Richmond’s homeless population can now hop aboard a daily shuttle to medical appointments as part of a six-month pilot program, reports the Richmond Times Dispatch.
The Daily Planet and Freedom House teamed up to offer the program this spring to make it easier for homeless people to get from the Conrad Center soup kitchen on Oliver Hill Way to medical and social service appointments off West Broad Street. Riders are required to show proof that they have an appointment at one of the approved service providers.
Since the center opened in 2007 across from the Richmond City Jail and away from other homeless services, “we’ve always said transportation was a challenge,” said Melba Gibbs, executive director of the Freedom House, which runs the Conrad Center.
While many people who eat breakfast or dinner at the Conrad Center are accustomed to walking or biking, the trek from the center to medical appointments up the hill is a 22-block hike that is “not easy if you’re a healthy person” said Susan Sekerke, advancement coordinator for The Daily Planet. The organization is a full-service health care center providing services to the homeless and uninsured.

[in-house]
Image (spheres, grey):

“When Freedom House decided to build the building at Shockoe Valley, we knew it was not ideal,” Sekerke said. The Conrad Center moved next to the jail in 2007 after officials spent years considering other sites, and the facility came close to shutting down.
The pilot program costs about $2,500 a month to operate. Most of the funding comes through donations, and about $10,000 is provided by the city. The shuttle runs from 8 a.m. to 4:30 p.m. Monday through Friday. The Saturday and Sunday shuttles were discontinued after the weather warmed this spring because they weren’t being used.
During cold weather, the shuttles also are used to transport people from overflow shelters to the meals program at the Conrad Center, which also serves as a warming center in the winter.
The shuttle starts at The Daily Planet’s medical respite center, heads to the Conrad Center and then to locations along West Broad Street so they can go to appointments at VCU Medical Center and the Richmond Social Service agency.
Bryan Armes, the shuttle driver, said he usually has 10 to 20 riders a day for the four routes he drives.
George Morgan, 54, who is staying in the medical respite center, said the shuttle is a lifesaver for him. Morgan, who suffers from arthritis and a heart condition, uses it to get to appointments at social service agencies. The walk from the respite center to the agencies takes “forever,” he said.
“It really does come in handy,” Morgan said. “I use it as much as I can.”
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